October 2


How to build on the climate strikes

By Rhys Herbert

October 2, 2019

The climate strikes broke all records. Here’s what we need to do next.

Last week we saw historic turnouts in strikes all over the globe. An estimated 4 million people worldwide protested against climate inaction — the single greatest challenge of our time.

And with young people leading the way — from Greta Thunberg to Autumn Peltier to Artemisa Xakriabá — the future looks bright.

But the message from these activists is clear: we have to stop talking and start acting.

The climate crisis will not recede with token gestures. The planet needs to undergo serious structural change, and every one of us has a part to play. 

Here’s how we can build on the good work of the climate strikes.

Listen to new voices

We’ve already mentioned a couple, but it’s worth highlighting some more important activists that you might not have heard of.

Young people like Ridhima Pandey, Mari Copeny and Ayakha Melithafa have all voiced their concerns from different perspectives. 

The climate crisis is clearly a global threat, but local challenges are distinct and different. 

For example, the climate change-fuelled drought in South Africa or the indigenous people of Brazil fighting to prevent their land from being cleared for development.

For those of us in the UK and USA, it’s time to listen to some voices from further afield.

Take to the streets

The climate strikes were historic, but they’re not over. Schoolchildren continue to strike every Friday to demand action, and we need to be there to support them.

Get involved in protests and group action wherever possible. A physical show of support tells our leaders that this movement is here to stay.

And if you’re not the type of person who usually strikes, even better. There is not a bigger issue facing our planet, so we must normalise climate action.

Tell your friends and family why this means so much to you and encourage them to get involved. If it comes from a good, honest place, they’ll be more likely to follow suit.

Contact your local politicians

In the UK, MPs are elected to represent their constituents. In theory, the issues highlighted by local people should be the ones they take to Parliament.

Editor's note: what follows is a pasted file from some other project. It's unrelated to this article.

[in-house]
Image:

While we can question the real-world application of this, it means that we can put the climate crisis on the agenda at a national level.

Find your local MP and email them, send letters or meet them in person. Discuss the local appetite for climate action and point to larger movements to show them how much it means to the country.

If enough people make it clear that climate action is a vote-winning policy, things will change. It will no longer be a case of one Green MP standing up for the environment while the others ignore it — it will become the new norm.

Take action in your daily life

It’s a simple idea but it works — vote with your wallet. It’s the only way some companies will learn.

Make purchasing decisions based on ethics, environmental impact and the treatment of workers. Show brands that you won’t support them until they commit to reducing their carbon emissions, eliminating single-use plastics and treating workers with respect.

Indeed, we can’t all afford to choose ethical products, so play your part where you can.

Look into repairing your clothes and furniture when it becomes tatty. Shop second-hand where possible. Find local skill-sharing groups where you can learn how to become more self-sufficient. Reduce your meat and dairy intake or try a couple of plant-based days each week.

All these things will have an effect and keep you connected to the climate movement.

The climate strikes could be a turning point for our civilisation. If we want to keep the momentum going, now is the time to change.

About the Author

Rhys is Conscious Creatives' resident writer and photographer. His work has been published in various online publications, and he was recently chosen to update a bestselling book on SEO. He continues to seek new and interesting angles for his photography work, shooting his local streets on 35mm film.

Rhys Herbert

Leave a Reply
{"email":"Email address invalid","url":"Website address invalid","required":"Required field missing"}